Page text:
Q&A: Permanent remote CDI
Q: We are in the process of moving our CDI department to a remote work environment. The department is not new to this as we temporarily did this during COVID. However, we are looking at making this a permanent move. If you’ve gone remote, what hurdles did CDI teams and CDI leadership face? Were review rates/productivity increased? How were issues with CDI productivity handled? How do your CDI teams continue to engage providers? What things are you currently doing to keep the CDI team engaged? Any equipment issues or needs that were different from being onsite?
Response 1: I believe engagement is one of the biggest challenges with remote work. We tried to address that with increased communication via Teams meetings. We had biweekly team huddles, increased frequency of one on ones. Also utilized Teams format for chats allowing the team to ask others about topics they were struggling with on a case. We had some of our team that lived alone, and the isolation factor was definitely a challenge. Mental health check-ins are important. Another challenge was team members with children and family obligations often struggled with dedicated work time trying to balance family responsibilities and childcare.
As far as productivity goes, we did not change our expectations for review rates/productivity when we were working remotely. We ended up working remotely for 19 months before returning to a hybrid model in November 2021. When we returned, the team began to ask for lowered productivity because now they had to travel to the facility and had expectations of rounding and engaging with providers. Of course, they were doing all that prior to the remote work and keeping up with productivity. Looking back, it would have been smart to slightly increase the review/productivity rates in a remote model and then return to normal when working on site.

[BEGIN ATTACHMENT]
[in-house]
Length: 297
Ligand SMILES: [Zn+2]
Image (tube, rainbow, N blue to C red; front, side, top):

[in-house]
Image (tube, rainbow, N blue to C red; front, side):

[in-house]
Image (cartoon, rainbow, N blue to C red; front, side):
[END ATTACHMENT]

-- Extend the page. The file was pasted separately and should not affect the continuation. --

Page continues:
We now see remote work as a privilege that has to be earned and maintained. If an individual fails to meet productivity standards, they are required to return to campus and work onsite until they are able to consistently meet productivity. If that plan is not successful, we would look at education needs and/or a performance improvement plan.
Provider engagement when remote is tricky. The team was extremely successful in maintaining their provider engagement in the beginning of the remote work. I attribute that to the relationships they had established working onsite prior to COVID. As time went on and we had new CDI specialists join the team and new providers come on board, engagement was more of a challenge. This was the driver that we used to decide on hybrid versus a fully remote model. We also had a lot of feedback from our providers that they wanted that CDI presence. They like having a face to put with a name and that trust factor of knowing who is behind the query.